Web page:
We hear the voice of Mary Foxe as she types away at the stories that she will share with Fox as the challenge begins, she takes the bait and meets him at a bar and the story takes on a different flavor. Whether it is real or fantasy we next hear the voice of Mary as she prepares to meet Mr. Fox, hand him her stories or pages and then he regrettably never shows up. Added in we meet the family that she lives with the girl she tutors and learn more about this Mary Foxe.
Mary Foxe lives with the Cole family and tutors their daughter Katherine. Within this plot we meet another version of Mr. Fox as she corresponds with him, takes the challenge and creates some stories, and then winds up seeing them burned by who is supposedly his secretary as we meet the other Mary Foxe with Fox himself chastising herself for allowing the stories or pages to be burned. The stories flash back and forth between Fox and Mary and Mary and the Coles. The challenge to create stories that both would become more involved in is created by both Mary and Fox and we sometimes see a crossover or blending of stories into one.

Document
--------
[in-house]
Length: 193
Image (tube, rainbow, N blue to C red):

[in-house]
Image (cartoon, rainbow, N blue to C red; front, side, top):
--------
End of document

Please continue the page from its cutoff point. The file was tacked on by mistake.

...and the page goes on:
The book is filled with magic, realism, fantasy, graphic depictions of violence and the abuse some women take at the hand of men. The themes that I have gleaned in just reading the first five chapters are death, abuse, and the heartache of love.
Mr. St. John Fox, the one that Mary Foxe is angry with and challenges to a writing duel, creates stories where the female character winds up dead. But, not until Mary shows up or creates this challenge does he realize the error of maybe his attitude and ways. Not showing up for their meeting and then the coldness of his secretary and immediately sending us back to where they story begins in his office at home with Mary at his side.
The author flashes back and forth between scenes with Mary and the Cole family and then Mary and Fox. Fox seems transfixed with Mary and plays out some scenes with her as in the beginning of the book where she enters and allows herself to entice him as a man. The other side of Mary living with the Cole’s plays out the same type of scene with the father of the girl she is tutors. Which one is real and which is just his imagination? If Mary is an imaginary figure created for him in his mind why can others see her?